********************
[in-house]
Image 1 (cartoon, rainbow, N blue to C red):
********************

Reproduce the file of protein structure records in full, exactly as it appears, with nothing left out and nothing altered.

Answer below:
[in-house]
Image 1 (cartoon, rainbow, N blue to C red):